Now that's even better than the catshit anodyne.

To write is, indeed, no unpleasing employment, when one sentiment readily produces another, and both ideas and expressions present themselves at the first summons; but such happiness, the greatest genius does not always obtain; and common writers know it only to such a degree, as to credit its possibility. Composition is, for the most part, an effort of slow diligence and steady perseverance, to which the mind is dragged by necessity or resolution, and from which the attention is every moment starting to more delightful amusements.
XOXO, Sammy.

All joy or sorrow for the happiness or calamities of others is produced by an act of the imagination, that realizes the event however fictitious, or approximates it however remote, by placing us, for a time, in the condition of him whose fortunes we contemplate; so that we feel, while the deception lasts, whatever emotions would be excited by the same good or evil happening to ourselves.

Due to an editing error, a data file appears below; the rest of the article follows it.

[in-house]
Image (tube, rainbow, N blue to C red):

. . .
We are all prompted by the same motives, all deceived by the same fallacies, all animated by hope, obstructed by danger, entangled by desire, and seduced by pleasure.

And yet:
Mrs. Knowles: "Still, Doctor, I cannot help thinking it a hardship that more indulgence is allowed to men than women. It gives a superiority to men, to which I do not see how they are entitled." Johnson: "It is plain, Madam, one or the other must have the superiority. As Shakespeare says, 'If two men ride on a horse, one must ride behind.'"
Boswell: Life

Saaay, Mr. Johnson, isn't that a quote from Much Ado About Nothing? And isn't it Dogberry's line — Dogberry, who earlier in this very scene utters the phrase "Comparisons are odorous" and later in this very scene utters the phrase "It shall be suffigance"? And don't you, in fact, happen to know a little something about Shakespeare yourself? I say, Mr. Johnson, you had better check yourself before you wreck yourself. Irony really won't be in fashion until the early 21st century.

This picture makes me happy.

Monday, September 04, 2006

school is stupid

But YouTube is the tits. For your viewing pleasure: the finest kitten-falling-asleep videos in all the land.

You're welcome.